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Community Collection Spotlight: Ástor Alexander

We’re back again with another Community Collection spotlight, and this time we’re featuring artist Ástor Alexander. With impressive work in and outside of video games, chances are you’ve seen the artist’s renditions before. Alexander is a California-based illustrator that uses a unique noir style to portray games and characters like those in classic pulp fiction covers. We were really excited when Ástor Alexander agreed to work with us to bring the ’50s crime novel-inspired Burial at SeaPaperback artwork to the community.

Follow the link below to pick up your own poster and check out our interview with the artist.


Ástor Alexander’s Burial at Sea – Paperback is available as a thick-stock premium matte poster in our online store. As part of our Community Collection, a share of the purchase price of each art piece sold goes directly to Ástor Alexander.

Poster price is not as marked – the old-timey “35¢” is part of the artist’s pulp cover theme.

Alexander’s other work can be found on the following platforms-


Artist Interview —

Tell us a little about yourself.

I grew up in Ensenada, Baja. My first fan-art drawing was either one of the Power Rangers or Goku. That was when I was 5. My first video game console was a Sega Genesis, it was an Xmas gift.

I moved to San Diego in 2007. Dropped out of community college in 2009 and started working as a freelance painter and illustrator. I stopped painting (with real paint and canvas) some years ago, but I plan to go back to that in the future.

Why BioShock?

BioShock (2007) IS my favorite game, Infinite might be second. So when Booker and Liz went to Rapture, I thought it was time to (digitally) paint something.

Do you have a favorite memory or turning point in the series?

I have very clear memories of my first visits to Rapture and Columbia, getting to those lighthouses and having those cities revealed to me thru the bathysphere and rocket’s window. Oh, and that time I sh*t my pants after I picked the plasmid in the dentist’s office. But the Andrew Ryan confrontation might be my favorite.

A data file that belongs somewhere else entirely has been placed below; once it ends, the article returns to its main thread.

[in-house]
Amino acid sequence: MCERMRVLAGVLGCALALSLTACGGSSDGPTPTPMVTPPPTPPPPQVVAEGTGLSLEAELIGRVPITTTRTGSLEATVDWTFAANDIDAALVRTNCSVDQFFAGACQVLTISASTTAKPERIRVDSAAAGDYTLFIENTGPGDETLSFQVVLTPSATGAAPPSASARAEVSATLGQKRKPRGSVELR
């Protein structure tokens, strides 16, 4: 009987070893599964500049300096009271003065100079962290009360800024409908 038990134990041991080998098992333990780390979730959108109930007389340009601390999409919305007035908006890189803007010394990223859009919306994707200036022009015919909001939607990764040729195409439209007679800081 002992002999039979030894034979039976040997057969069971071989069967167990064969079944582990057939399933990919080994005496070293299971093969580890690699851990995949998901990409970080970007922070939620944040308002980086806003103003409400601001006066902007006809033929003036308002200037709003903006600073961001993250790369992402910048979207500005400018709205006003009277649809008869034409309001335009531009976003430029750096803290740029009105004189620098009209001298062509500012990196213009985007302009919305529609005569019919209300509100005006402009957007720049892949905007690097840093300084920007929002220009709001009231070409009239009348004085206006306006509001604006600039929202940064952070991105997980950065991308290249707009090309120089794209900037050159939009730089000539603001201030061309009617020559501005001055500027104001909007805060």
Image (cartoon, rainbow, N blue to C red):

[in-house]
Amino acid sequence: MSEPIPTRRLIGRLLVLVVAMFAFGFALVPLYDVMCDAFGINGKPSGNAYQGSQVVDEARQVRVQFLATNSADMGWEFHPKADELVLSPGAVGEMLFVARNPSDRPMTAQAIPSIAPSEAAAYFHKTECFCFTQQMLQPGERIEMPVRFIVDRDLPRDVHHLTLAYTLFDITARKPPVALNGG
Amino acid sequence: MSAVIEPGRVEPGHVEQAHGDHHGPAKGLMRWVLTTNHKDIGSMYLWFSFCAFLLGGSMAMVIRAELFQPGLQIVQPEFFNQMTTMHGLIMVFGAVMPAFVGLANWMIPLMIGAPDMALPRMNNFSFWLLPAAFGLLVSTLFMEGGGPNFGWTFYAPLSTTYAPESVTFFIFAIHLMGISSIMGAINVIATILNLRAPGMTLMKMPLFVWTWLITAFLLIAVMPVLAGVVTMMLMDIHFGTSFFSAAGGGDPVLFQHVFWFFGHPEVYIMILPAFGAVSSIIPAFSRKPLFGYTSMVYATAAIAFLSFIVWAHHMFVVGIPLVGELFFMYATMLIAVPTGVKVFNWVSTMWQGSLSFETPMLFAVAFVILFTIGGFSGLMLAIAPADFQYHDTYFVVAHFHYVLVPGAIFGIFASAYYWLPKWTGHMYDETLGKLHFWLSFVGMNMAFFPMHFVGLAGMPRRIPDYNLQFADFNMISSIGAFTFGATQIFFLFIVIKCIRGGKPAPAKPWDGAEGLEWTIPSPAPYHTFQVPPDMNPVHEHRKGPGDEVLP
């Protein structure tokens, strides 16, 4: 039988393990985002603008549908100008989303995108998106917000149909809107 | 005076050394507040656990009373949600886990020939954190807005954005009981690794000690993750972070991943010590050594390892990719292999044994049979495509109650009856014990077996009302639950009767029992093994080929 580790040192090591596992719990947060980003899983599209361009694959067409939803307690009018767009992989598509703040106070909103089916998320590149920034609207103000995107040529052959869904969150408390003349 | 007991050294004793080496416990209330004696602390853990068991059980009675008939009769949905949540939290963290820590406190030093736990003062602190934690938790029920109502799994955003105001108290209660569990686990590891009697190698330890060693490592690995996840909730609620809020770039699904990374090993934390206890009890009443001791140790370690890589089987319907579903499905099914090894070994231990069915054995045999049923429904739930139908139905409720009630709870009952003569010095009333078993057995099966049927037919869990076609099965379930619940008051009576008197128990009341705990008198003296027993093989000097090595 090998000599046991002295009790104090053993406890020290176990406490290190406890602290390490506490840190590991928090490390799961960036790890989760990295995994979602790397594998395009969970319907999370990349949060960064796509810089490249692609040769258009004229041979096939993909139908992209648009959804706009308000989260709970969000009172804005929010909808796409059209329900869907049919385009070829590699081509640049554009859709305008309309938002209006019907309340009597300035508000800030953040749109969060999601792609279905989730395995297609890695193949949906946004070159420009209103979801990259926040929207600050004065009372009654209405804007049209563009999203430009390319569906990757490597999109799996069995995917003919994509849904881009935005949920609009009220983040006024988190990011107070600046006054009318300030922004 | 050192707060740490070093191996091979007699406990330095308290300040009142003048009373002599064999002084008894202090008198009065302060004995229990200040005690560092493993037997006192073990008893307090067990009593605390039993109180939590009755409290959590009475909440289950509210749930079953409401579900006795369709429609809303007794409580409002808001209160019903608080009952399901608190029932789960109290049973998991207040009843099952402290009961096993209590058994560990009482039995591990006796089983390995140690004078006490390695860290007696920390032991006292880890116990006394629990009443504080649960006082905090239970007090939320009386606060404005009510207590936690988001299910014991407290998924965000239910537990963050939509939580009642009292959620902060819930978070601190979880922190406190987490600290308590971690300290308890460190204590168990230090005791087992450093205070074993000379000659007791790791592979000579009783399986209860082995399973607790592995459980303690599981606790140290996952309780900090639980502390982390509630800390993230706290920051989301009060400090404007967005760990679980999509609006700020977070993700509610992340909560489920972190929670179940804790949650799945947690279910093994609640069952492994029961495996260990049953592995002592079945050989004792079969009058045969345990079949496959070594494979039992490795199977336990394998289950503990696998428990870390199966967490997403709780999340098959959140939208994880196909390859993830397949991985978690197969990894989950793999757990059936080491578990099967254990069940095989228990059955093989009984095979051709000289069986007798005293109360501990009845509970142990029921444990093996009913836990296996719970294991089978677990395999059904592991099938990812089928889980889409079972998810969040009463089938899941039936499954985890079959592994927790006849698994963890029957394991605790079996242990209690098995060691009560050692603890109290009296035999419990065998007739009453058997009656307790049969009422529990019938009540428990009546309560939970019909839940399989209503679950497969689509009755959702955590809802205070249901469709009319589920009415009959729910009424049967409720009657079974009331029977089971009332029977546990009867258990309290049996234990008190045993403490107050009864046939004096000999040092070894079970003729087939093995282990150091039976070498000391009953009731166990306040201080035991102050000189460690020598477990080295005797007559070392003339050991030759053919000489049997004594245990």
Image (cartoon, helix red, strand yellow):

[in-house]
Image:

What was your inspiration for drawing Elizabeth and Burial at Sea?

If you look at the rest of my work, you’ll see I have a thing for femme fatales.

Were there any themes you were trying to pursue?

Hmmmmmm… I don’t think so.

What do you like most about her?

She inspires more fear than god.

Are there any special artists who have inspired you?

James Avati, Adam Hughes, Caravaggio, Norman Rockwell, Robert Maguire and a lot more whose names I don’t remember right now.

Could you tell us a little about how you go about creating your art?

For fan art, I spend some time thinking of pop culture icons and how I can reimagine them. Once I find a nice idea, I sketch the images in my head. Then I compose the image using a program called Sweet Home 3D, and then I take reference photos (for the dudes, I take photos of myself). And then I spend a week or so painting and repainting. For commission work, it’s the same except for the first part; I don’t have to come up with the concept.

Among your expansive collection of works, you have also drawn Big Daddy and Tenenbaum. Are there any other characters you would like to or plan to use next?

My favorite BioShock character is Rapture, and I’ve wanted to paint it for a while, but I’m not good at painting cities. So…I guess Andrew Ryan could be next.

What other games are you playing right now or plan to play next?

I’m playing Witcher 3 now that my new iMac can handle it with mods. And I’m playing Stormbound on my phone—haven’t made it past Rank 25. I have Shadow of Mordor and Wolfenstein 2 in my waiting list. (I made some official illustrations for Wolf 2, btw). I really want to play Lone Echo, but I don’t have a VR headset.


Want to read more? Check out our previous Community Collection Spotlight’s on Bona Kim and Kisu-No-Hi!

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